Again, as I don’t imagine the great Siegmund Levarie saying: “Oy.” But even then my own relief was dominated by my admiration for a man who had published as an expert on Greek mathematics, Machaut, Mozart, and many other things — but could also appear scintillatingly as a panelist on a popular opera quiz.

Professor Levarie was a strikingly handsome man, and I’m sorry that the only photo I find of him online is from his very last years. Nothing wrong with that, but you should have seen him when he was only seventy or eighty. If you didn’t know him, you can learn a lot about this fascinating figure’s biography, though not his musical and intellectual achievements, from a written interview posted by the Austrian government and an eight-part video interview with him on the invaluable YouTube.

UPDATE: Vivian Ramalingam has just sent me this delightful bit.

Speaking of his appearances on Opera Quiz, two quips stick in my mind. One came in a discussion of the traditional Cav-Pag pairing. Siegmund said that, as a child, he was taken to a performance in which Pagliacci was paired with a ballet, and that ever since, he felt that he was “one Cavalleria short.” On another appearance, he sang childhood words he and his friends had set to the overture to The Marriage of Figaro, the first line of which (sung in translation) was: “Noodles in the pot.”

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Mucho más allá

March 9, 2010

It’s not just El Sistema in Venezuela and Dudamel in Los Angeles — huge as those phenomena are. Latin America’s influence on international classical music seems to be a bigger story every day. Here are two videos about some of Miguel del Aguila’s fascinating chamber music. The first is a one-minute clip:

And the second goes a little deeper:

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A boy of six plays with remarkably mature phrasing:

And a severely handicapped man has a heartfelt fugue that must get out despite all barriers:

What limitations are holding us back from making music today?

Tips of the hat to Jeffrey Biegel and Stephen Best

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I’m just been listening to a marvelous BBC Radio documentary about Diagalev’s Ballets Russes. In it, one of the surviving dancers talks about how, in many of the narrative ballets, the task was just to walk across the stage. “Anybody can walk,” she says. But then she goes on to say that walking in time to the music was the least of it. That every part of the body must be invaded by the spirit of the music, that the arms, for example, must be “infused with the music.”

It strikes me that this has a lot to do with acting in opera. We hear much today about making opera dramatically viable, but almost all the talk is about bringing the values of the spoken theater to the opera stage. How is it that, in the past, opera singers were sometimes rivetingly dramatic without even the slightest resemblance to the quite distinct craft of actors in plays? I wonder if it didn’t have something to do with what the old Diagalev dancer was talking about. There is such a thing as having your whole self so possessed by the music that it will be a partner with the composer, with the orchestra, with one’s own voice, in conveying the drama — the specifically music drama that is the whole point of opera. Not, one suspects, some imitation of what goes on in the legitimate theater.

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Great composers don’t always “get” other great composers. Berlioz, in his idolatry of Gluck, devalued both Lully and Handel in irrelevant comparisons to the great reformer. Stravinsky, despite a semi-comprehending admiration for Gesualdo and Pergolesi (whom his imagination tended to recast in his own image), seemed unable to imagine earlier styles of music on their own terms and famously dismissed Vivaldi by saying that “he didn’t compose 400 concertos; he composed one concerto 400 times.” Given the skewed view that once existed of the Italian Baroque and how its music had originally been played, it’s understandable that this music — which is above all “performer’s music” not “analyst’s music” — didn’t reveal its extravagant charms. The charms were not those of the Urtext generation. Goodness knows that the zillions of vinyl representations of Vivaldi’s music that Nonesuch issued in the 1960s, with performances in which provincial German orchestras sawed away rather mechanically, may not go far to explain the dizzying rise in popularity that the music of “The Red Priest” nevertheless enjoyed.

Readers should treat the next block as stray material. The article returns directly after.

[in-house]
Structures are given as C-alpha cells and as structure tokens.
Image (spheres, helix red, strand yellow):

Stravinsky probably didn’t know about the many written accounts of performances of that repertory when it was new. These are replete with descriptions of passionate playing of a sort that we don’t see enough of these days, with audience reactions that often involved even the loss of emotional control. This was not the scenario at Vivaldi performances of, say, the Stuttgart Chamber Orchestra — or, for that matter, the Chamber Music Society of Lincoln Center — during the century just past.

Thus it was with a shock of recognition that I first heard the Sicilian violinist Fabio Biondi’s group Europa Galante a dozen years ago. It was more a recognition of an ideal that I had been taught in music-history seminars than of anything I had previously heard from orchestras. They have since recorded hours of Vivaldi (as well as of much other 17th- and 18th-century music proceeding from Italianate models), and I challenge anybody to miss the great individuality of content and character in these finely-limned virtuoso performances. The prolific Venetian certainly didn’t write 400 of these:

or these:

The succeeding movements of this concerto are on YouTube as well.

Europa Galante, happily, has not neglected to extend the passion to vocal music:


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Follow along with the original manuscript of the Poet of the Piano as the peerless Krystian Zimmerman plays the Ballade No. 2.